19. Do You Speak in English? – koon poot pah-sah un-grit dai mai
This is a lifeline if you feel insecure about your command of the Thai language. Pick your targets carefully, English is still not widely spoken in the nation… the good news is that after a drink or two, many people are loosened up and they’ll forgettheir inhibitions in speaking English to you.
20. Do You Have Wifi? – mee wifi mai?
We would be cruel to exclude this from the list. Think about it, how else would you be posting those pretty vacation pics and IG stories without bursting your data?
21. I don’t need a Plastic Bag – mai ao toong
This is perfect for the Eco-friendly traveler who refuses to be deterred by language barriers. Also, this will certainly impress some local cashiers compared to a shake of the head.
22. May I get a discount? – loht dai mai?
Use this phrase in weekend markets for the best results. Creating an impression of Thai literacy might improve the chances of receiving decent bargains.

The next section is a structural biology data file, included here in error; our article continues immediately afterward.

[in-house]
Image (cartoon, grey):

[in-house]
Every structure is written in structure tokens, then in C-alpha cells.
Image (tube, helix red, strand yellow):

23. The Bill Please – kohr check bin na
Settle the payment for a meal with convenience at the restaurant with this useful phrase. This might be a golden opportunity to show off to your travel buddies. “Kohr” is a Thai term that emphasizes respect.
24. ครับ / ค่ะ (khrap/(kha)
As specified in some examples above, these are added to a statement for gender specificity and improved formality.
25. I don’t understand – mâi khâo jai
Lastly, here is a phrase for when you’ve decided that you’re going to throw in the towel.
Bangkok is a fascinating place with wondrous attractions, at the end of the day, it is all about having a good time and trying your best no matter what you might feel. After all, the hospitable Thai people are definitely not going to judge you for it!